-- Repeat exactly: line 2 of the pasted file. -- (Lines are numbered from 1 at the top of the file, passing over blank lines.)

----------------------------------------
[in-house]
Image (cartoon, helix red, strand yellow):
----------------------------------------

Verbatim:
Image (cartoon, helix red, strand yellow):